What is PLC Programming?

Users can program PLCs to execute a series of events. These events are triggered by stimulating agents (inputs) acting on the PLC or through time-based or counted events. PLCs are used to replace relay circuits in practice. PLCs operate by scanning the states of inputs and outputs. When there is a change in the input, the output will change accordingly. The programming language of PLCs can be Ladder or State Logic. Nowadays, many manufacturers produce PLCs, such as INVT, Allen-Bradley, Omron, Honeywell…

How Does PLC Work?

When the device is activated (ON or OFF state due to external physical control devices), a programmed control unit will continuously loop through a program (scan cycle) set by the user and wait for signals to appear at the inputs and output signals at the outputs.

To overcome the shortcomings of wired control units (Relay control units), PLCs were created to satisfy the following requirements:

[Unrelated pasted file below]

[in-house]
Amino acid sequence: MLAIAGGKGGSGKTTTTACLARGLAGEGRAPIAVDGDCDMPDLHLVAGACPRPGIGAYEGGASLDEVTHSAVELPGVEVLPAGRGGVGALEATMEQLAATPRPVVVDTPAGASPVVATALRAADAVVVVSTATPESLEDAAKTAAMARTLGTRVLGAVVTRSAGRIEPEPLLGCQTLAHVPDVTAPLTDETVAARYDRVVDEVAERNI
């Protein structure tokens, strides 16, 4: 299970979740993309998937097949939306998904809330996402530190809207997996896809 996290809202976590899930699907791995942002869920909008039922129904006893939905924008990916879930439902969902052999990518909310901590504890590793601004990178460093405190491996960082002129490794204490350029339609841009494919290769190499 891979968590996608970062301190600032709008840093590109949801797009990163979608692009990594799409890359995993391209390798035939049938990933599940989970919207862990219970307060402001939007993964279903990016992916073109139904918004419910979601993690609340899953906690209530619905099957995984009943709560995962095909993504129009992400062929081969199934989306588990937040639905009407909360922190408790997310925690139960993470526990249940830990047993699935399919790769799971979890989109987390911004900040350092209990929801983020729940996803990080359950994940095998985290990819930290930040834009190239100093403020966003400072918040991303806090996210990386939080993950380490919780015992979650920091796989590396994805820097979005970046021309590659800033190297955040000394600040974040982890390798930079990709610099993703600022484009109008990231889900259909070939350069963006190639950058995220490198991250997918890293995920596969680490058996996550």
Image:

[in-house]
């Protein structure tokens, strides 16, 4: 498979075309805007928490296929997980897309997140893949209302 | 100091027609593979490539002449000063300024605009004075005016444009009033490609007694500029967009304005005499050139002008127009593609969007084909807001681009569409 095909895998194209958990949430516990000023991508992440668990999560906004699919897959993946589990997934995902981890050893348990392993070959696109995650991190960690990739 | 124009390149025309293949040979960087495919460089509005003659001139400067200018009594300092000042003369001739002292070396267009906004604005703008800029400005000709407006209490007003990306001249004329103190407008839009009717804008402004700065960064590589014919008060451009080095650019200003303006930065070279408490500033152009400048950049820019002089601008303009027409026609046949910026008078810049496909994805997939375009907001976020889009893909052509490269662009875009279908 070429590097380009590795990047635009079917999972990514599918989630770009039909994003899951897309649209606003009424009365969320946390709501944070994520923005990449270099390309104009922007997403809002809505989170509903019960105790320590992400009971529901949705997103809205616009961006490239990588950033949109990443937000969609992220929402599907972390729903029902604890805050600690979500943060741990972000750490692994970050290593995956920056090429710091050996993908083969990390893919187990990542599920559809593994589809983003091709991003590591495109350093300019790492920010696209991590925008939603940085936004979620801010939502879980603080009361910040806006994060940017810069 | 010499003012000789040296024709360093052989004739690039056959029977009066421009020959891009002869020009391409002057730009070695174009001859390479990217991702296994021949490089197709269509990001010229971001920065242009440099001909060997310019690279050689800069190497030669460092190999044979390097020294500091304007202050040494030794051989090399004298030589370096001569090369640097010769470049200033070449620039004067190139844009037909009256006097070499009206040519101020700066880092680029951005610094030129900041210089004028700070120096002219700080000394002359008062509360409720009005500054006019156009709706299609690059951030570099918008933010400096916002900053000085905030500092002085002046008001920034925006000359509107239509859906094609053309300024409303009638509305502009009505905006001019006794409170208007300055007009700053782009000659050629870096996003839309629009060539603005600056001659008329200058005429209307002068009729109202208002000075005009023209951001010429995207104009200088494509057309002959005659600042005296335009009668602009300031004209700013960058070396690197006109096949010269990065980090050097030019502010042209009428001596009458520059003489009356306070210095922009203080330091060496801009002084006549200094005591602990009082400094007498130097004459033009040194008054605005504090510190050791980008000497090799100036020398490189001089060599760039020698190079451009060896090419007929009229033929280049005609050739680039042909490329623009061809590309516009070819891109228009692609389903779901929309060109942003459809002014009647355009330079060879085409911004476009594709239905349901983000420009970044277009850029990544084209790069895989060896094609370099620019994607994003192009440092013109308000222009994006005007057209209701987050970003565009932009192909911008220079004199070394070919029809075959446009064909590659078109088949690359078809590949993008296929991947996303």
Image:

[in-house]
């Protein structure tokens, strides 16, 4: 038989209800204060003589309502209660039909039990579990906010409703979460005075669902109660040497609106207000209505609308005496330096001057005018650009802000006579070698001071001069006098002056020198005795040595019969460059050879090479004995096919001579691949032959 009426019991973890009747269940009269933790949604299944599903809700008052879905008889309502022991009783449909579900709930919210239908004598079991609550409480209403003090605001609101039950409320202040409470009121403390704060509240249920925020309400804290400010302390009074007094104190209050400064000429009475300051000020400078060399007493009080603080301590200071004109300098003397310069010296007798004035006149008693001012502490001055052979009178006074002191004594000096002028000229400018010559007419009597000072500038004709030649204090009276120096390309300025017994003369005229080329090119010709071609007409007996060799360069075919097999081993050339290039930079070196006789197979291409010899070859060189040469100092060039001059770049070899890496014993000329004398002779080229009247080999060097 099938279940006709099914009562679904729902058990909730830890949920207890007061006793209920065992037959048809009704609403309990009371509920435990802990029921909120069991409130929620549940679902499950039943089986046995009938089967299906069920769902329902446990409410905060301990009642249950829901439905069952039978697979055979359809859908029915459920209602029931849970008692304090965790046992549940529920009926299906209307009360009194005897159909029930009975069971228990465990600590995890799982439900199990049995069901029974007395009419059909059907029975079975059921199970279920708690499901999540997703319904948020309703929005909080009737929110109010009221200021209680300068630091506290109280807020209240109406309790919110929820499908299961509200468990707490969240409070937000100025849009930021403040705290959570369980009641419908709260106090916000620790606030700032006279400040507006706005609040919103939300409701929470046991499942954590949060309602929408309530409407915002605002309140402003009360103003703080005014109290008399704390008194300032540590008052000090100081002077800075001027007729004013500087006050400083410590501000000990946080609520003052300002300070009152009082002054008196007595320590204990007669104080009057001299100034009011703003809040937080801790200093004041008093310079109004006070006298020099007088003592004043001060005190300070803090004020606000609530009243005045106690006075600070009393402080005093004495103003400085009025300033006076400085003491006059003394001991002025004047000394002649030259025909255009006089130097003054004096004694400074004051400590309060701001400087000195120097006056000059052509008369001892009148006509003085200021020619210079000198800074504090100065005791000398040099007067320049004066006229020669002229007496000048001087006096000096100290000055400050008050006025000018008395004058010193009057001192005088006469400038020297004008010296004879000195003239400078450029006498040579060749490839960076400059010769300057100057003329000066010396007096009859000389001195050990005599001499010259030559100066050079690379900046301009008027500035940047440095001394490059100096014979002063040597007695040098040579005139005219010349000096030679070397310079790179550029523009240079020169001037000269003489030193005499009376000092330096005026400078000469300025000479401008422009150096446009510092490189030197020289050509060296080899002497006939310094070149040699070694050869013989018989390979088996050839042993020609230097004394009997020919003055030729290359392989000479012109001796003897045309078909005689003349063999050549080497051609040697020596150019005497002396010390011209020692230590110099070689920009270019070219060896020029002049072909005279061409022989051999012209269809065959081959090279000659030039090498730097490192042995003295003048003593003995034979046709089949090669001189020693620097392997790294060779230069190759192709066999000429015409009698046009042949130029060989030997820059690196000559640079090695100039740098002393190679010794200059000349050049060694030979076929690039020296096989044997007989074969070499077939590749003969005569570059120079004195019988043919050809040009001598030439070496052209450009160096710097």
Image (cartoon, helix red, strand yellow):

• Easy programming, easy-to-learn programming languages.
  • Compact and easy to store, repair.
  • Large memory capacity to accommodate complex programs.
  • Completely reliable in an industrial environment.
  • Able to communicate with other smart devices such as computers, networking, and various expansion modules.
  • Competitive individual prices.

PLC Structure

All PLCs have the following main components: An internal program memory (RAM, which can be expanded with additional external EPROM memory). A central processing unit with a communication port for connecting to the PLC. Input/output modules.


In addition, a complete PLC unit also comes with a manual or computer-based programming unit. Most simple programming units have enough RAM to store the program in its entirety or as an add-on. If the programming unit is a portable unit, the RAM is typically CMOS with a backup battery, and it transfers the program to the PLC memory only when the program has been checked and is ready to use. For larger PLCs, programming is typically done on a computer to facilitate program writing, reading, and testing. Programming units are connected to PLCs via RS232, RS422, RS485 ports, etc.

Applications of PLC

PLC programming is widely used in various industries and types of machinery, including printers, packaging machines, fiber spinning machines, sewing machines, food processing machines, high-speed cutting machines, and production line monitoring and control systems.